OPINION | Chicago’s Puerto Rican bonds

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NOBODY knows what market distortions the Federal Reserve’s prolonged ultra-low interest rates are creating, but count progressive local governments as big winners. Behold how Puerto Rico on Lake Michigan, otherwise known as Chicago, is financing budget deficits and public pensions with cheap debt.

Chicago has been seeking to take advantage of historically low interest rates by refinancing debt — even as its credit rating has deteriorated amid swelling budget deficits and pension payments. The city started the fiscal year $838 million in the hole, and its pension system is less than 25 percent funded.

In 2017 state and city politicians contrived a shell scheme to lower the city’s borrowing costs. The city essentially sold off sales-tax revenue that it receives from the state to a corporation specially created to pay creditors. State law declared city officials could not tap the revenue and gave creditors a lien if the city declared bankruptcy.

Voila, Chicago’s financial magicians spun junk into gold. Credit agencies rated debt from the new corporation triple A even though Chicago’s general obligation or GO bonds scored one notch above junk. Between 2017 and 2019 Chicago issued $2.6 billion in sales-tax bonds at yields between 200 and 300 basis points lower than what it had recently paid on general obligation bonds.

In January Chicago shaved $310 million off this year’s deficit by issuing another $1 billion in sales-tax bonds to refinance outstanding GO bonds. Investors didn’t seem to care that the new bonds are subordinate to the previous tranche. Tax-exempt bonds maturing in 2040 yielded 2.4 percent, which is on par with the 30-year Treasury. We know investors are hungry for yield, but are they famished?

Chicago’s budget woes are mounting, and financial alchemists are diluting the claims of existing creditors. If the city were to renege on its $8 billion in GO debt, those bondholders would surely demand a slice of the sales-tax revenue now pledged to other creditors. This is what happened in Puerto Rico.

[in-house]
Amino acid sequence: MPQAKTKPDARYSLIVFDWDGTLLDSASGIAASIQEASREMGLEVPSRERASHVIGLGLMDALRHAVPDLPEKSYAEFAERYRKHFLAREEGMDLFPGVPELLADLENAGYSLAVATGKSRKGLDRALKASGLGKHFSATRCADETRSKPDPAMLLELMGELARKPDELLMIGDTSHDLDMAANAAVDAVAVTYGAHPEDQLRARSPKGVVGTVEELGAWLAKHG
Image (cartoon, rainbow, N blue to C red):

Amid increasing economic and fiscal duress, Puerto Rico created a shell corporation to issue debt securitized by sales-tax revenue. But years later after declaring bankruptcy, it seized the sales-tax revenue, as well as revenue pledged to creditors of its highway authority, to pay for operating expenses and public pensions.

What happens if Chicago floats more sales-tax-backed bonds but revenue is insufficient to repay all the debt? Not to worry, Kroll Bond Rating Agency explained in a recent analysis. The sales-tax corporation has promised in its bond offering statement not to become overextended. But as investors should know, borrowers under financial stress often seek to amend covenants.

Chicago’s population has declined for each of the past four years, and taxpayers are getting tapped out. On top of a $50 million increase in property taxes this year, Mayor Lori Lightfoot has imposed a new “congestion” fee on Uber and taxi rides, doubled the tax on restaurant meals, and raised a special personal property tax on computer cloud software.

Yet a recession would probably blow a gigantic hole in its budget and could cause its pension funds to run dry. Does anyone think that city politicians wouldn’t prioritize public workers over bondholders?

Investors at least demanded a handsome interest-rate premium for buying Puerto Rico’s debt. Investors in Chicago’s debt are getting junk for the same price as a U.S. Treasury. They are likely to get what they’re paying for.

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